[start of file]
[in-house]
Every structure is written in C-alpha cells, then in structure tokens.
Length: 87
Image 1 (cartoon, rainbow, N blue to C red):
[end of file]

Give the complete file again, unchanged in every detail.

[in-house]
Every structure is written in C-alpha cells, then in structure tokens.
Length: 87
Image 1 (cartoon, rainbow, N blue to C red):